Early Intervention With Potentially Autistic Babies Could Eliminate Disorder’s Effects
Raising a baby who shows signs of autism is a difficult experience, but a new child-rearing method can seemingly reverse autism in children.
Potentially autistic children, who often display characteristics of the disorder within their first year, seem to have very little interest in person-to-person interaction and facial recognition.
In a University of California Davis study, researchers studied seven parents with 6-month-olds showing initial signs of autism.
Sally Ozonoff, one of the study’s lead researchers, says it was crucial to start the experiment young.
According to Ozonoff,
We want to make referrals for early intervention as soon as there are signs that a baby might be developing autism… In most parts of the country and the world, services that address autism-specific developmental skills are just not available for infants this young.
Over the course of six months, parents worked to increase their children’s interest in faces, voices and interaction.
Researchers say that parents of autistic offspring often need encouragement from third parties to continue working with their infants. It can be upsetting to see little response from a child, so they often feel discouraged and give up.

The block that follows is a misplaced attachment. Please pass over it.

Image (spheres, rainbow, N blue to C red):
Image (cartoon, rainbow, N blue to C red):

Unfortunately, that’s the opposite of what the children need. The study, based on a system called the Early Denver Start Model, followed up with parents after six months of work. What they saw seemed miraculous: diminishing signs of autism.
By the age of 3, babies who participated in treatment had still shown no signs of autism.
But Sally Rogers, the study’s lead researcher, said the most important influence was parenting.
It was the parents – not therapists – who did that… It’s the little moments of diapering, feeding, playing on the floor, going for a walk, being on a swing, that are the critical learning moments for babies.
Researchers stress that this is a first foray into the world of infant autism, and that follow-up studies will be needed to determine the efficacy of the treatment.